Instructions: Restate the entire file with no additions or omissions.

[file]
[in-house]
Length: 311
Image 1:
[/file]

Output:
[in-house]
Length: 311
Image 1: